students in lounge
Two UVA cheerleader barbies jumping with rotunda in background

UVA Barbie header photo credit: Erin Edgerton and Johnny Utterback, University Communications


We're back in Hooville! Or, as we at Iris Magazine like to call it, Weird Orange-and-Blue Barbie Land! 

At Iris, we love a well-told story, and to get everyone excited for the year ahead we wanted to call attention to the highs and lows of Hoo-adjacent stories you may have missed over the summer. You'll gasp. You'll laugh (in spite of yourself). You’ll hope to have your faith in humanity restored - and you will!

We'll start with “Midsummers is anything but ‘mid.’” In excruciating detail, the article describes the exploits of UVA students following tradition (in the manner of National Lampoon’s Animal House) at this year's Midsummers bacchanal. Written by a Daily Progress undergraduate intern, the piece is a tour de force of immersive journalism, with photos and anecdotes too real to be believed and definitely NOT to be tried at home.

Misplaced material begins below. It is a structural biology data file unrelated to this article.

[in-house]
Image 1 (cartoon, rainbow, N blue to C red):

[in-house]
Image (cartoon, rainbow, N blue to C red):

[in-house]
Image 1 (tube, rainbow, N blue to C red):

There’s the rising third year who describes being “incoherently high” while eating the contents of “an abandoned Wawa takeout bag on the sidewalk”:  

“I’m chomping on that thing, it’s like a burger and fries, and it had been out in the heat all day,” she said. “I’m three quarters of the way there, I take a bite and put it down, I look down and there’s literally ants and bugs swarming all around.”

There’s the elderly couple taking in the view of Mad Bowl partiers as they pass by a “a group of male students” urinating near a dumpster:

“These girls are half-naked,” the woman said, who declined to give her name but noted she attended Penn State 60 years ago. “What are those jugs they’re all holding?”